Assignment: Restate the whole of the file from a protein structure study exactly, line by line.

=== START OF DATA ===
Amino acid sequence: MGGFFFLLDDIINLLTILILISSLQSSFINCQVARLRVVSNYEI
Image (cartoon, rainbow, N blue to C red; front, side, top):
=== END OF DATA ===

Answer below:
Amino acid sequence: MGGFFFLLDDIINLLTILILISSLQSSFINCQVARLRVVSNYEI
Image (cartoon, rainbow, N blue to C red; front, side, top):